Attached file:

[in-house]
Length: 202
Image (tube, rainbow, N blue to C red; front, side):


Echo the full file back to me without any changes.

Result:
[in-house]
Length: 202
Image (tube, rainbow, N blue to C red; front, side):